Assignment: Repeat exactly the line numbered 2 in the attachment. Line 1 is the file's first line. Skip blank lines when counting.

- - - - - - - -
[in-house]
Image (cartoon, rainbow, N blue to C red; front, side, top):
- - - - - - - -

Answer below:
Image (cartoon, rainbow, N blue to C red; front, side, top):